By all rights, these should be salad days for the Reverend Jerry Falwell. The new president is a Democrat who wants gays to serve openly in the military, and the first lady doesn't think (as Jerry does) that parents own their children--the forces of evil are clearly ascendant. It's a golden opportunity to scare money out of a Religious Right thrown into disarray by the discovery that the country has a two-party system, sort of.
Unfortunately, there's a small problem. It is unseemly to revile one's creditors in public, and Jerry Falwell's organizations owe the U.S. government some $5 million.
The founder of the Moral Majority gained no small celebrity in the early eighties as he smote the liberals hip and thigh from his pulpit and on his "Old Time Gospel Hour," earning himself a place of honor in Ed Meese's Rolodex. But unlike Rush Limbaugh, Jerry didn't sell an adaptable product: with Reaganism triumphant, his contributions began to dry up. When the Evil Empire collapsed, it became even harder to extract fear capital from the southern Christian ladies-of-a-certain- age who were Falwell's most reliable source of funds.
Unfortunately, the reverend has a history of mishandling other people's money. According to Lynchburg News and Advance reporter Jan Vertefeuille, Falwell's ministries borrowed $72.3 million during the eighties, pledging his Thomas Road Baptist Church as collateral on some eleven separate occasions. By a supreme irony, the creditor who chose to place business before sentiment when Falwell couldn't repay these loans was Stephens, Inc., the Arkansas financial institution that has been such a generous patron of that minion of Satan, Bill Clinton. In 1991 Stevens, Inc. foreclosed on the North Campus of Jerry's pride and joy, Liberty University.
In the meantime, Falwell had borrowed at least $32 million from a company called AMI, which specialized in church finance. In 1988 Falwell mailed out 1.2 million letters urging the recipients to buy bonds of AMI affiliates and describing the company and its affiliates as "true friends" and the ministry's "investment banker"--although the ministry and AMI were "in no way involved in a business sense." In one of the many lawsuits that eventually descended on AMI, it was disclosed that Falwell billed AMI $600,000 for his services and received $300,000. This was after his lawyers said that he "did not expect to be compensated." Meanwhile, some 2,500 AMI bondholders lost three-quarters of their money ($13 million of which found its way to the "Old Time Gospel Hour").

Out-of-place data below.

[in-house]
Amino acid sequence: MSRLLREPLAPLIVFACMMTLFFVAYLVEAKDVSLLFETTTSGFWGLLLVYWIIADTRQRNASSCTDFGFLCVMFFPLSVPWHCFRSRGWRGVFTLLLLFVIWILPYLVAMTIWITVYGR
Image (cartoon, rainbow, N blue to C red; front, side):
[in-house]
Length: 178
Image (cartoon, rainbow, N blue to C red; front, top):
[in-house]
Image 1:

But before AMI went belly up, it attracted the attention of that poisoned chalice of American finance, Charles Keating, Jr. Keating's Lincoln Savings not only bought all the preferred stock in AMI, but it used AMI as a conduit to loan $8.5 million to the Falwell organization, which, as usual, used the church as collateral. On April 13, 1989, when the government finally shut Keating down, one of the things they found in his vault was the deed of trust to Falwell's Thomas Road Baptist Church.
By 1992 Falwell's creditors were all over him like a cheap suit, as was a team of IRS agents. But the age of miracles is not past. In a complex series of transactions, Falwell not only got his church back, but also had the good fortune to have the IRS back off, and he reduced the amount he owes the American people from $11.6 million to the aforementioned $5 million. You have to hand it to Jerry: he lands on his feet, every time, even if he does it with our money. Where's the IRS when you need 'em?